Byline: Janet Ozzard

PARIS — After two decades of going out just about every night, Homero Machry is looking forward to staying in. But he’s not tossing out his Rolodex. The tall, dapper, Brazilian-born Machry, Paris’s premier party planner, finally has a hot spot to call his own.
The idea behind Homero, a charming split-level restaurant on the Avenue Friedland, is to grab a quick bite at the tapas bar, have a good, simple dinner or just kick back with a late-night cigar and a brandy in the downstairs Champagne Room.
Machry has been a regular on the nightlife circuit pretty much since arriving in Paris in the Seventies, drawing the best crowds to events at clubs and restaurants like Les Bains Douches, Queen and Ledoyen — but he was dead set against opening a dance club himself. At this point in his life, he explains, the stumble-in-at-dawn bit has lost its appeal.
“I never wanted to do a nightclub because I thought, ‘Only kids are staying out until 2 or 3 a.m.,”‘ says Machry. “I thought, a nice restaurant with a cozy atmosphere. My clients — the people I care about — they don’t go to clubs every night. Maybe just once a week.”
Machry shouldn’t have too much trouble filling the place. After all, when Calvin Klein wanted to do a dinner in style last year to celebrate his sponsorship of the Man Ray photography exhibit, he called upon Machry to produce it. And the turnout for Machry’s Bal de Jeudi soirees at Ledoyen provided a steady source of fodder for the gossip pages.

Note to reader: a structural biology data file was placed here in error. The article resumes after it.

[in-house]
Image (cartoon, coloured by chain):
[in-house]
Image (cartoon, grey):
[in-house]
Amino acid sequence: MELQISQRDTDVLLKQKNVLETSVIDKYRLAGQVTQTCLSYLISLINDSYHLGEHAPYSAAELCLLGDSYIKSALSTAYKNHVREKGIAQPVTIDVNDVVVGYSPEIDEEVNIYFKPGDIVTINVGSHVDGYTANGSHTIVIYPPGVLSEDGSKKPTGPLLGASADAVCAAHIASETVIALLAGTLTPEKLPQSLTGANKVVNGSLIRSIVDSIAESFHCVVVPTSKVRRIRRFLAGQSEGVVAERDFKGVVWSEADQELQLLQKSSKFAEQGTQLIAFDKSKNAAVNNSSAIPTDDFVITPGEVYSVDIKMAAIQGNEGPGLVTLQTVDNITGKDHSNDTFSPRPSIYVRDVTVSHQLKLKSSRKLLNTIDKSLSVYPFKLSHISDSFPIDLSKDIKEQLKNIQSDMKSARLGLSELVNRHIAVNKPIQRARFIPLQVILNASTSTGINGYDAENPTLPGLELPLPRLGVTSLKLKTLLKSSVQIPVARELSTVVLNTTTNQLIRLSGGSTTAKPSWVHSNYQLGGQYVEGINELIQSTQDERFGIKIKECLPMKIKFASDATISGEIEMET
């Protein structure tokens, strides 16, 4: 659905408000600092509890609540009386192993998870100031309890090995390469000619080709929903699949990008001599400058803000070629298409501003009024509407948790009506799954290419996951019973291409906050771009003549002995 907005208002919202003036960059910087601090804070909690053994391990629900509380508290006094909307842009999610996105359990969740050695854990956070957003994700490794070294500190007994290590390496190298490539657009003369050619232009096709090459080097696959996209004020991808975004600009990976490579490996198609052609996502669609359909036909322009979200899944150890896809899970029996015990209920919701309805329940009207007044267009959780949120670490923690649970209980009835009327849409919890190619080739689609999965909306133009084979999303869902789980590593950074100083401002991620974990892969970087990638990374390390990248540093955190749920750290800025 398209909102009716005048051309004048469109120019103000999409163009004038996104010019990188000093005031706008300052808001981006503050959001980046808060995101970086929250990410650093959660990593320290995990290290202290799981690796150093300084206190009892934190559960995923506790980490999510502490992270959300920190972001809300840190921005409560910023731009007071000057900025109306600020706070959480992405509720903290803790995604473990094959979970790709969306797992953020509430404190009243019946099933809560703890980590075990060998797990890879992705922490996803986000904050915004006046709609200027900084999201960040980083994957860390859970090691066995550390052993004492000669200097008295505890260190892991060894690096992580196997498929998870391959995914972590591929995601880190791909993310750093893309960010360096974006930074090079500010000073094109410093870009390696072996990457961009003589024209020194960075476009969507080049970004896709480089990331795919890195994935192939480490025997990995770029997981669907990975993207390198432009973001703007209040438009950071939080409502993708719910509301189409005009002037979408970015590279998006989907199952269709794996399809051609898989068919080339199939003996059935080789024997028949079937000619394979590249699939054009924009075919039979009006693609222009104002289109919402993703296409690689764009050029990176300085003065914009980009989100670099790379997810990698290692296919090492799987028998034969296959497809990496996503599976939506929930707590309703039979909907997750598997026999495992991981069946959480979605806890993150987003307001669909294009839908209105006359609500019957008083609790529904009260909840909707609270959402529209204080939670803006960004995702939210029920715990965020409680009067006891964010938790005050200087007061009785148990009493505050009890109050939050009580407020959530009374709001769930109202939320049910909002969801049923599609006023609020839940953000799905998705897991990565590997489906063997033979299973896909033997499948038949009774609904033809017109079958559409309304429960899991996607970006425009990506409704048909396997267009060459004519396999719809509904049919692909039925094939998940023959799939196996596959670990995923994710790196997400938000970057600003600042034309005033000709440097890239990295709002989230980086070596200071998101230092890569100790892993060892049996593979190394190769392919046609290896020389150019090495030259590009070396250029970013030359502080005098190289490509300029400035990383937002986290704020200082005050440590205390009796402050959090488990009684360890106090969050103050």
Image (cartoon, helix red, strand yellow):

How does he do it? “He’s just really, really nice,” says Florence Grinda, a fixture of Paris society.
“He’s got that Brazilian warmth. He likes to introduce one group to the other; he loves to do little favors.”
Since it opened this summer, Homero, which is near the Arc de Triomphe, has hosted a couture-week birthday party for pop singer Faudad and has become something of a hangout for other young musicians.
The decor is a dash Moroccan and a bit Brazilian, and the menu is nothing fancy, Machry assures, just simple brasserie food with a touch of his homeland — salads, meats grilled “a la plancha,” lightly cooked vegetables and tapas. The chef, Gilles Bosio, spent years in the kitchens of Ledoyen and L’Arc.
But in the end, his friends say they’ll come to Homero as much for the mood as for the food.
“He creates a great atmosphere,” says Diane Von Furstenberg. “It’s that simple.”